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Department of Geology and Geophysics|People

Riebe Lab - Projects

drilling

Student Research Opportunity

PhD position in critical zone processes beginning in the 2015-2016 academic year. This position will be filled by an exceptional student with a deep interest in connections between geomorphology, geochemistry, and ecology. Students with a strong track record of research (in an undergraduate or master's thesis) are especially encouraged to apply. Applicants will be competing for an assistantship that covers tuition, a stipend for the academic year, and eligibility for summer support. The successful applicant will conduct cross-disciplinary research on linkages between bedrock composition, regolith development, forest structure, and landscape evolution across the Southern Sierra Critical Zone Observatory. The project builds on work summarized in a paper recently published by my research group. It fits well with other research at the SSCZO, which focuses on understanding ecosystem function of a mountain range that provides crucial water resources to nearly 10% of the US population. In addition, the project offers a wealth of opportunities for cross-institutional networking with world-class students and scientists from a broad range of disciplines in Earth systems science. Hence it provides an excellent platform for launching a career in scientific research that is vital to understanding the implications of human activities in our warming and increasingly populated world. Interested students should apply for the position via UW's standard graduate application process. Please include specific reference to this opportunity and list me as your prospective advisor when applying. Applicants are advised to contact me by e-mail or by phone before submitting an application for more details about the project.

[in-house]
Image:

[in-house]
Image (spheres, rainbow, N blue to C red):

When you contact me, it will help to provide me with:
  • a current curriculum vitae or resume;
  • a one-page statement of interest in graduate studies in my research group;
  • a copy of your academic transcript(s) – unofficial copies (e.g., screenshots) are OK at this stage;
  • if available, your most recent GRE scores; &
  • an example of your scientific writing (e.g., your master's thesis), if available.

Representative Recent Projects

Quantifying variations in grain size and erosion rates of sediment in landscapes

    Student: Claire Lukens (PhD Candidate)
    Collaborators: Leonard Sklar (SFSU); David Shuster (UC Berkeley)
    Tools: Apatite (U-Th)/He thermochronometry; cosmogenic Be-10 in quartz

Geophysical constraints on weathering and water storage in the subsurface

    Students: Ryan Armstrong, Jorden Hayes and James St. Clair (graduate students with S. Holbrook)
    Collaborators: Steve Holbrook (U. Wyoming); Mike Goulden (UC Irvine)
    Tools: geophysical surveys including airborne geophysics, seismic refraction, GPR & resistivity

Geochemical constraints on deep weathering

    Collaborators: T. Dosseto (U. Wollongong); Steve Holbrook (U. Wyoming)
    Tools: seismic refraction & resistivity; cosmogenic Be-10; U-series disequilibrium

Gauging the reproductive potential of salmon spawning substrates

    Student: B. Overstreet (MS, 2011)
    Collaborators: J. Wooster (USFWS); Leonard Sklar (SFSU); Dino Bellugi (MIT)

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